I am always delighted to see people of all ages, hiking experience, and mobility levels enjoying a day out. There are benches periodically, along with signage provided by the US Park Service to share information about the trail and the animals typically seen in the high meadow.
Leaving from a small parking lot just a mile and a half past Hurricane Ridge and the picnic areas, there are views right at the start of this trail. Starting up high means that even on days when there is cloud cover below, the trail area may be clear.
It is worth checking the Hurricane Ridge Webcam to see if the trails above 5,000 ft are clear.
Columbian black-tailed deer rest in the scattered copses of trees at this altitude. A subspecies of mule deer, they are a bit smaller than mule deer and prefer wooded habitat. The trees provide shade and protection from the winds and harsher weather.
Notoriously difficult to see in the wild, the blacktails on the ridge are quite comfortable with people who stay on the trails. Individual deer and family groups will hang out in full view.
On this early July day, there were yearlings born in the previous summer, along with fawns and their mothers and small herds of males resting and getting ready for the fall rutting season.
Alpine Meadows and Marmots
Glacier lilies grow in profusion as the snow retreats. They are often among the earliest flowers in the alpine meadows, their bright white faces opening to the warming sun. The short summer season, only about six weeks, necessitates an explosion of blossoms as all the flowering plants need to be pollinated and produce seeds for the next season before the snows return.
Here on Hurricane Ridge, the snow can come at any time, even July and August, and winter can return in force as early as mid-September.
But today is a quiet, warm summer day in the upper meadow. The clouds are lifting and the mountains to the south are slowly revealing their summits.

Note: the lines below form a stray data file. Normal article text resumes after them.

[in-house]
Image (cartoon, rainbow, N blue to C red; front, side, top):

Even the marmots stop to take in the vista. The Olympic Marmot is endemic to the Olympic Peninsula, and is not found anywhere else in the world. Unlike their cousins the Hoary Marmots in the Cascade Range, Olympic Marmots are a solid color, ranging from light to dark brown.
Approximately the size of a 15-pound house cat, they are easily visible on the Hurricane Trail. A good technique is to listen for their whistling call. Following the sound will reveal the marmot on “guard duty”. Marmots let loose with an ear-piercing single tone to warn the colony when they spot predators – eagles from above or coyotes at ground level.
Non-native coyotes in this area are increasing the pressure on marmot populations.
Just before the last turn to the top of the Hurricane Hill Trail, there is an intersection with the trail to the Elwha Valley. While following it to the end will result in hiking down into the Elwha Valley, six miles to the west, the first hundred yards heads off across the alpine meadow.
I like to walk out on this level section. There are often deer in the trees, marmots in the meadow, and an assortment of small birds singing.
Top of the Trail
At the top of the hill, looking back south, I can see the entire trail below me, all the way back to the where I left my car. The Olympic Mountains stretch out past the horizon.
Turning around to face north, towards Port Angeles, beckon the hills of Vancouver Island, Canada. Perhaps my next hike will be on Vancouver Island.
On this day the Strait of Juan de Fuca was filled with low clouds. Weather is constantly changing due to the altitude and the winds in the Strait. Sometimes the views are clear, but if not, there is always plenty to watch nearer the trial.
I turn to go back down, knowing I will take my time, stopping often to enjoy the wander back to the car.